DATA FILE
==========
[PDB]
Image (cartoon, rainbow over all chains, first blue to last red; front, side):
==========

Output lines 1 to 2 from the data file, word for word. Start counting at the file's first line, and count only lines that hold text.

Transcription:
[PDB]
Image (cartoon, rainbow over all chains, first blue to last red; front, side):